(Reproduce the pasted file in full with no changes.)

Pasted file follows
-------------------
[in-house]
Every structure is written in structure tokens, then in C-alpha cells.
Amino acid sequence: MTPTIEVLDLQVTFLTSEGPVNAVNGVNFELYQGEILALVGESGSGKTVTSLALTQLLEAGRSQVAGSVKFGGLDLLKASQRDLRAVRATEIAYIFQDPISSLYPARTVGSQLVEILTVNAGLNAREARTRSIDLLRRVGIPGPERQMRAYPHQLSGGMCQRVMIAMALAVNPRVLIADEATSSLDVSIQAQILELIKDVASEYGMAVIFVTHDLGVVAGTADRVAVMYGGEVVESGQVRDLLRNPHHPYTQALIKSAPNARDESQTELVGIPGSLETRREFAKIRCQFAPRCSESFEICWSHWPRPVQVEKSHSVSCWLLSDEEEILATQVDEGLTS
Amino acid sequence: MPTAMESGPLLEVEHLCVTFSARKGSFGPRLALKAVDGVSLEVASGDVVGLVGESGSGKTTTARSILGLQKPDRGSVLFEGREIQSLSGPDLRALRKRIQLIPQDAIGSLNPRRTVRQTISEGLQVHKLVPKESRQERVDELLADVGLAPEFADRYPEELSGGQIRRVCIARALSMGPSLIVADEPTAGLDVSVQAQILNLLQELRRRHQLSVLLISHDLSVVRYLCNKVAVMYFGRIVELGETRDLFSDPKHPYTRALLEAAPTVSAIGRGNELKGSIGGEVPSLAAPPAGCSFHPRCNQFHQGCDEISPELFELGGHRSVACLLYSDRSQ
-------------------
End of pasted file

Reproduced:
[in-house]
Every structure is written in structure tokens, then in C-alpha cells.
Amino acid sequence: MTPTIEVLDLQVTFLTSEGPVNAVNGVNFELYQGEILALVGESGSGKTVTSLALTQLLEAGRSQVAGSVKFGGLDLLKASQRDLRAVRATEIAYIFQDPISSLYPARTVGSQLVEILTVNAGLNAREARTRSIDLLRRVGIPGPERQMRAYPHQLSGGMCQRVMIAMALAVNPRVLIADEATSSLDVSIQAQILELIKDVASEYGMAVIFVTHDLGVVAGTADRVAVMYGGEVVESGQVRDLLRNPHHPYTQALIKSAPNARDESQTELVGIPGSLETRREFAKIRCQFAPRCSESFEICWSHWPRPVQVEKSHSVSCWLLSDEEEILATQVDEGLTS
Amino acid sequence: MPTAMESGPLLEVEHLCVTFSARKGSFGPRLALKAVDGVSLEVASGDVVGLVGESGSGKTTTARSILGLQKPDRGSVLFEGREIQSLSGPDLRALRKRIQLIPQDAIGSLNPRRTVRQTISEGLQVHKLVPKESRQERVDELLADVGLAPEFADRYPEELSGGQIRRVCIARALSMGPSLIVADEPTAGLDVSVQAQILNLLQELRRRHQLSVLLISHDLSVVRYLCNKVAVMYFGRIVELGETRDLFSDPKHPYTRALLEAAPTVSAIGRGNELKGSIGGEVPSLAAPPAGCSFHPRCNQFHQGCDEISPELFELGGHRSVACLLYSDRSQ